According to research, our attention span has markedly decreased. In 2000, the average attention span was 12 seconds; in 2015, down to 8.25 seconds.
With so many screens and selections constantly buzzing and sending us notifications, it’s understandable why it can be hard to focus.
What does this mean for presentations? It means incorporating creative and engaging ways to captivate your audience and keep their attention. In this guide, we’ll cover new techniques you can bring into your next presentation to help keep everyone’s focus on you.
You're more likely to persuade someone before you even ask for what you want.
That's what Robert Cialdini writes about in his book, Pre-Suasion: A Revolutionary Way to Influence and Persuade. Cialdini proposes that the secret of persuasion is not in the message itself, but in the key moment before the message is delivered.
For example, we have all experienced an encounter at the mall where someone has asked if we’d like to participate in a survey.
Cialdini notes that out of the individuals asked, 29% of participants would agree. But when the question asked before the survey was something like, “Do you consider yourself a helpful person?”
Most people would respond “Yes” and were more likely to take the survey. In fact, the percentage jumps up to 77% of participants.
Here’s another example of pre-suasion.
A group of people was asked, “Would you give us your email for a free soda coupon?”
Of that group, 33% volunteered their information.
Another group of people was asked that same question BUT with the question, “Do you consider yourself adventurous?” asked first.
Here, Cialdi found that:
To summarize the fundamental point of Cialdini’s research he writes,
“The factor most important in a person’s choice in a situation is not the one that counsels the most wisely there; it is the one that has been elevated in attention (and thereby in privilege) at the time of the decision.”
In other words, if you elevate the attention of something in an individual (i.e. their helpful nature, their adventurous spirit), you may be able to persuade their decision before your question is asked.
💡 Think of your audience
Find ways to link your presentation to topics that are top of mind. (eg. end-of-quarter deliverables, monthly goals, etc.)
💡 Think of your presentation sequence
Before you get to the big ask in your presentation, get your audience to agree to a “smaller yes” to get into the “Yes!” mindset.
💡 Think of what’s already been done
Mention the last few innovations and risks the executive took that were successful before pitching your bold idea.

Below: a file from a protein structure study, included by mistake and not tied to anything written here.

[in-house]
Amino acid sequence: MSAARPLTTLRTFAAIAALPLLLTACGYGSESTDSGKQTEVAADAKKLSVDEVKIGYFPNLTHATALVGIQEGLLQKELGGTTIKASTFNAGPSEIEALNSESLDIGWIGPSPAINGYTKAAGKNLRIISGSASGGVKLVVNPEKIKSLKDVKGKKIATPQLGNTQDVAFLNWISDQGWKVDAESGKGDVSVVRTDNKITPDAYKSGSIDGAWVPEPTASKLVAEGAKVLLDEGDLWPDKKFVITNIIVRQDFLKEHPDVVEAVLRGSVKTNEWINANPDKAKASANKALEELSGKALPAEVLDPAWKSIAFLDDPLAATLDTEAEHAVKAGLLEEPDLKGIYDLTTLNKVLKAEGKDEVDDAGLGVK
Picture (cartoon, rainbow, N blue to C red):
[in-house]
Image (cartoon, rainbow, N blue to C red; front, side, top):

The foundation of improvisational—better known as improv—comedy is a concept known as “Yes, and…”
All the great improv artists swear are trained in the art of improv and all the new artists work hard to learn it.
So, what is “Yes, and…”?
The concept is pretty simple and starts with a “Yes!”
Whatever your fellow improvisers say or do, it’s your job to say, and mean, “Yes!”
The “and” part of the “Yes, and…” concept is so important because agreement is not enough. “And” allows you to bring something to the scene and build something together with your colleagues.
1. Be aware of “No, but…”
The “No, but…” statement can show up in many different ways. The popular “No, but have you considered…” is often heard in business meetings and can be a demoralizing response in teams. Other forms of “No, but…” can be seen in a grimace or by going on a tangent unrelated to the conversation.
2. Embrace “Yes, and…” in Q&A
Embracing “Yes, and…” during a question-and-answer situation helps you hear the idea clearly, puts you in an open headspace rather than defensive, and allows you to build on the question together.
This is the story of the 1972 World Chess Championship—often called, “The Game of the Century”—between American challenger, Bobby Fischer, and Russian defending champion Boris Spassky.
It was game 6 and tensions between the nations were rising. There was far more than the World Chess Championship at stake.
In a move that shocked the world, Bobby opened with c4 (English Opening, Queen’s Gambit) instead of his favorite and strongest start: e4 (King Pawn). Bobby had been the strongest proponent of the e4 start his whole life but tied at 2.5 - 2.5 points, Bobby made a starting move he had played only two times in his life. Moreover, the English opening favored the Russian style of positional play.
It worked. Spassky was stunned and unprepared. Bobby played beautifully, winning the “Game of the Century” and taking home the World Championship title. He also dealt a psychological blow to the very talented Boris Spassky by beating him in his own style.
We all have those standard, predictable moves we are almost pre-programmed to make. These moves aren’t bad, they are solid moves that have worked for us in the past.
But winning at the highest level requires unpredictability, courage, and intelligence.
Winning at the highest level requires c4 moves. ♟
Sue Guiher is a communication expert and leadership coach with Thrive for Success, a consulting firm Guiher launched to help small businesses thrive.
Guiher states that conveying emotion while you communicate is not only effective, it should be a requirement.
“All of us are human beings. All of us have feelings and thoughts. And when we try to disconnect our communication from those feelings, that’s where the relationship piece breaks down.”
Guiher uses the C.A.R.E. model of communication to connect with her audiences:
As you’re talking, are you being concise? Is your message clear and comprehensive?
Show up as your whole self and tell the truth.
Make your presentation relevant to what the audience cares about. Think about who is listening and what they want to know more about.
What are you asking the audience to do? What is their call to action? People want to be a part of something, so give them something to be a part of!